We are seeing something like the sixteenth-century wars of religion right now in the Middle East and Africa, not only in the atrocities of ISIS and Boko Haram, but in the regression of Turkey, the theocratic regime in Iran and the growing commitment of Saudi Arabia and the Gulf States to war against both ISIS and Iran. None of this is progress. All of it bodes ill, both for the Middle East and for the rest of us. Moreover, within Saudi Arabia and such other states as Pakistan, contemporary Islamic practice is intolerant of other religions and repressive of women’s rights just to the extent that it emphasises a return to the Koran and the inerrancy of the Prophet. The cruel practices and repression of religious freedom that are endemic in such countries are rightly abhorrent to Ayaan Hirsi Ali, but they are deeply rooted in Islam. Rooting them out will mean rooting Islam up to a very large extent. Pretending that things are otherwise and that Islam is basically a sound and peaceful religion is like pretending that the Chinese Communist Party is liberal and democratic at heart, when plainly it is nothing of the kind. If we are to move forward, we must begin by acknowledging and debating a few inescapable and rather dismal realities.
Hirsi Ali is taking a necessary stand; but she is the same kind of heretic as Walter Kaufmann, a German Jewish émigré, American philosopher and author of The Faith of a Heretic, among many other books. Kaufmann renounced his parents’ Lutheranism at the age of eleven, because he decided he did not believe that Jesus was divine. He practised the Judaism of his grandparents for some years as an adolescent, but decided as a young adult that he did not believe in the existence of the old Deity or the claims of Judaism as a religion. He nonetheless remained interested in and appreciative of the better elements of the Jewish and Christian religions. He wrote fine books on Nietzsche, on the philosophy of religion and on existentialism—as a philosopher in America. Crucially, while he had to flee genocidal mania in Germany, he was free to think and change his opinions in the United States and to write without religious censorship.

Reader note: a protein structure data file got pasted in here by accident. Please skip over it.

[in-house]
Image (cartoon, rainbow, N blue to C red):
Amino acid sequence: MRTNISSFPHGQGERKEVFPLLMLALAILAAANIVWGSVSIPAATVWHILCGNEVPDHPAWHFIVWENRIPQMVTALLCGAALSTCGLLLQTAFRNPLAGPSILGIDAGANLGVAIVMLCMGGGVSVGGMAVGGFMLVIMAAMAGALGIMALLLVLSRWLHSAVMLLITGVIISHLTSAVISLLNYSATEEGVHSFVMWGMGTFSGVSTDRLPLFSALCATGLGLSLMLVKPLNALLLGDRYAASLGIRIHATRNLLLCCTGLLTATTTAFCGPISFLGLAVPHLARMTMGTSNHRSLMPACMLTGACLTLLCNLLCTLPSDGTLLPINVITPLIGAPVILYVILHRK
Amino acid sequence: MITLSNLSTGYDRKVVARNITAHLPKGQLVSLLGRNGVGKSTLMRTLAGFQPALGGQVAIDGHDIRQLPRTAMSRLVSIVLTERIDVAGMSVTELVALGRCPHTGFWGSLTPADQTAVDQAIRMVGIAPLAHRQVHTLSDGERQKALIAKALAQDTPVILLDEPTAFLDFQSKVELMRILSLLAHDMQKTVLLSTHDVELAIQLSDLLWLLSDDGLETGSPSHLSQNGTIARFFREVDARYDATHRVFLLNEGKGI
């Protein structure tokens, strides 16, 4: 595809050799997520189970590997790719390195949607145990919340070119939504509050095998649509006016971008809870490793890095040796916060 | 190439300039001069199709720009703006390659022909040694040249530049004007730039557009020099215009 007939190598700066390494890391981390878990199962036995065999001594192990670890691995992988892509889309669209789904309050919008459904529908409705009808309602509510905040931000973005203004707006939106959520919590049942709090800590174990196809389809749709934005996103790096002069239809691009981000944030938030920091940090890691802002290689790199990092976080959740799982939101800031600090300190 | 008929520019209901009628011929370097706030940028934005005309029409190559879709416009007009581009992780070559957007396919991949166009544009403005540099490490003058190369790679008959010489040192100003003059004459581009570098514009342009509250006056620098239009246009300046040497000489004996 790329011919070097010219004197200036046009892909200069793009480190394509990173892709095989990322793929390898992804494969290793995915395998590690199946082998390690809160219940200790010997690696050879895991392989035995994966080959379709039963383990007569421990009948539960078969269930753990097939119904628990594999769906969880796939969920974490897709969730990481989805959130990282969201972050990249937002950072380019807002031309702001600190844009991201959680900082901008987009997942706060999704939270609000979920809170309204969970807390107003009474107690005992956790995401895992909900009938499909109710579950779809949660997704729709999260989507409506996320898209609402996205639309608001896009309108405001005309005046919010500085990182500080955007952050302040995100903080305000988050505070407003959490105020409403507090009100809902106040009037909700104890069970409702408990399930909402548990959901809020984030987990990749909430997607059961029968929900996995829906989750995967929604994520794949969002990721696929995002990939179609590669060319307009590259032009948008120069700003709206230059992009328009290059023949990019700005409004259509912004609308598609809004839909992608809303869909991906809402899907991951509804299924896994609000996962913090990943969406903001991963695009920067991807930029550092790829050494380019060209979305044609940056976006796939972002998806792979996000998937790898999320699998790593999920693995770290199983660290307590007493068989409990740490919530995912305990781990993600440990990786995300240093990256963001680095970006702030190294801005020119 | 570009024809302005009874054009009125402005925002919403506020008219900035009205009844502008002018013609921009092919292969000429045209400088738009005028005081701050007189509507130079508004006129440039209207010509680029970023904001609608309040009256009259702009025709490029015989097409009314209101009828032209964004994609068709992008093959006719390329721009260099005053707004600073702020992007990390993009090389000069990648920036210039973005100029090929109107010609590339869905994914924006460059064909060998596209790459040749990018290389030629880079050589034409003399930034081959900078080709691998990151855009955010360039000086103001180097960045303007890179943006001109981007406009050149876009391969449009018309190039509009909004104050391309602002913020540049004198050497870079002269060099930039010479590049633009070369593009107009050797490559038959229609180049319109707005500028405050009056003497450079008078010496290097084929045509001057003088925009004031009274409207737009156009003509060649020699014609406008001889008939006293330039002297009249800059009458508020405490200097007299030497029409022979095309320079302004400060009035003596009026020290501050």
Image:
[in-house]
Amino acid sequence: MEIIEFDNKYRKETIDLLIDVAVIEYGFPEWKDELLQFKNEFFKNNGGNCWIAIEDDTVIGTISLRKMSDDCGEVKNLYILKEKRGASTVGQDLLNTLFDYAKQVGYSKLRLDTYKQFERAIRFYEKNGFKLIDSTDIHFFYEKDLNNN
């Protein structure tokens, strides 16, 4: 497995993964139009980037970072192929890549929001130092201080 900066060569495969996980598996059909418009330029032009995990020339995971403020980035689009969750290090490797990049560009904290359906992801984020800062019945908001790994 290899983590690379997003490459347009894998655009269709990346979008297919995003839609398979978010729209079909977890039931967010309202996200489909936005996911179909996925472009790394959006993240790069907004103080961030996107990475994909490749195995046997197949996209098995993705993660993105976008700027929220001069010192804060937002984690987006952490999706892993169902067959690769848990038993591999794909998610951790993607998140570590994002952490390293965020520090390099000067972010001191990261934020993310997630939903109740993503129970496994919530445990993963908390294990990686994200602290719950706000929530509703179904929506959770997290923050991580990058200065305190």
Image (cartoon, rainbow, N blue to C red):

Hirsi Ali, like Kaufmann, is not a believer. She is free and liberal-minded, but is able to think, write and speak as she does only because she is not living in a Muslim society. Many of us in Australia are, similarly, able to inquire, write and speak as we see fit because we live in a secular, liberal society and not one dominated by any given religion. The finest and bravest dissidents within Islam or in the Muslim world that she champions should be championed, also, by us; but they are the equivalent of Giordano Bruno or Michael Servetus, rather than Martin Luther or John Calvin. Both were burned at the stake as heretics: Bruno by the Catholic Inquisition in Rome; Servetus by Calvin in Geneva. Bruno was a man of the Renaissance and a forerunner of the Scientific Revolution. Servetus was a pioneer of what came to be called Unitarianism, founded on a repudiation of the divinity of Jesus and an emphasis on Christian ethics in place of theological dogma. There have been comparable figures in the history of the Islamic world, but unlike the West, the world of Islam has remained mired in a theological and dogmatic religion, which has not only failed to come to terms with modernity, but in its “Reformation” versions has decisively turned against it.